].

In reciprocal cavities, spontaneous emissions cannot break the T symmetry of emitter states by distinguishing the occupation number of one of the time-reversal paired states from the other. To see that, let us compare the SPE rate Rsp,cv between states c and v (apart from a local correction factor due to dielectric constituents) [32

32. S. M. Barnett, B. Huttner, and R. Loudon, “Spontaneous emission in absorbing dielectric media,” Phys. Rev. Lett. 68, 3698–3701 (1992), (The dyadic Green’s function in that work has a sign difference from that used here). [CrossRef] [PubMed]

] with that Rsp,c̃ṽ between the time-reversal states and at the same location rs in a reciprocal cavity:
Rsp,cvRsp,c˜v˜=2μ0ωcv2h¯Im[μvc*G¯¯ee(rs,rs,ωcv)μvc]2μ0ωc˜v˜2h¯Im[μv˜c˜*G¯¯ee(rs,rs,ωc˜v˜)μv˜c˜]=2μ0ωcv2h¯Im[μvc*{G¯¯ee(rs,rs,ωcv)G¯¯eeT(rs,rs,ωc˜v˜)}μvc]=0,
(2)
where μo is the vacuum permittivity; is the Planck constant divided by 2π; μvc and ωcv (μṽc̃ and ωc̃ṽ) are the dipole moment and transition frequency between states c and v ( and ), respectively ( μv˜c˜=μvc* up to a constant phase; and ωcv = ωc̃ṽ in absence of T-symmetry breaking); G̿ee(r, r′,ω) is the dyadic Green’s function at frequency ω, which connects the current density at r′ to the optical field at r and exhibits the symmetry property G¯¯ee(r,r,ω)=G¯¯eeT(r,r,ω) (represented in a real orthonormal basis set) in a reciprocal environment; and we have used the fact that for a scalar X, X = XT. From Eq. (2), if the initial occupation probabilities of states c and v are identical to those of and , respectively, spontaneous emissions cannot make their occupations uneven at later times.

3. Fabry-Perot cavities with a special chiral reflector

To construct FP cavities with a nearly perfect intra-cavity CP field, we incorporate the chirality into the reflector at one side of the cavity. Figure 1 shows the schematic diagram of the 1D FP cavity with a length h. The FP cavity is filled with an isotropic gain medium in the region z ∈ (z1, z2). Reflector 1 (2) characterized by the reflection matrix r̿1 (r̿2) in the LP basis ( and ŷ) is located at z1 (z2). These matrices connect the cartesian components of the incident wave to those of the reflected one. We set reflector 1 isotropic and adopt a special design for reflector 2. The reciprocity requires r̿2 (matrix elements indexed by x, y) to be symmetric [33

33. A. L. Shelankov and G. E. Pikus, “Reciprocity in reflection and transmission of light,” Phys. Rev. B 46, 3326–3336 (1992). [CrossRef]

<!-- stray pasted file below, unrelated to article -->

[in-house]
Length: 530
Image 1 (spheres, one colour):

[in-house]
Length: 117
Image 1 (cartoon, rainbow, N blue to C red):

]:
r¯¯2=(r2,xx,r2,xyr2,yx,r2,yy)=(a,cc,b),
(4)
where a, b, and c are complex numbers. The reflection matrix r̿2,CP in the CP basis [matrix elements indexed by ± corresponding to the basis e^±=(x^±iy^)/2] is transformed from r̿2 with the change of basis:
r¯¯2,CP(r2,CP,++,r2,CP,+r2,CP,+,r2,CP,)=p¯¯r¯¯2p¯¯=(a+b2,ab2icab2+ic,a+b2),
(5a)
p¯¯=(1/2,1/2i/2,i/2),
(5b)
where p̿ is a unitary matrix describing the transformation between CP and LP representations.

Fig. 1 The schematic diagram of the 1D FP cavity. Reflector 1 is isotropic while reflector 2 is chiral with specific characteristics of reflections.

Fig. 2 The polarization states (a) v1,2 (case I), and (b) u1,2 (case II) when κ ≠ 0. The phase angle of κ is set to arg (ab). When κ = 0, the polarization states v1,2 become ê while u1,2 turn into ê+.

The polarization state of the field inside the FP cavity could be an almost pure spin state if the cavity modes carrying any of the two polarizations v1,2 (u1,2) are amplified. It does not matter which of v1,2 (u1,2) becomes the dominant polarization because they both resemble ê (ê+). To maintain the polarization eigenstates of reflector 2 throughout the FP cavity, isotropic reflector 1 is therefore adopted. In addition to these considerations, two issues still require clarifications. First, the two polarization eigenvectors v1,2 (u1,2) are linearly independent unless κ is strictly zero. Whenever κ ≠ 0, photons might have tended to be emitted in a combined polarization state of v1,2 (u1,2) which carries no spin angular momentum. This point can be resolved with the Stokes parameter S3(z,ω) inside the cavity, which is an indicator on the degree of circular polarization. Second, we need a prototype of reflector 2 to validate the feasibility of the concept in principle. Both issues will be addressed in section 4.